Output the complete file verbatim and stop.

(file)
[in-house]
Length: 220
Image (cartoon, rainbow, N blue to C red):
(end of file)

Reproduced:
[in-house]
Length: 220
Image (cartoon, rainbow, N blue to C red):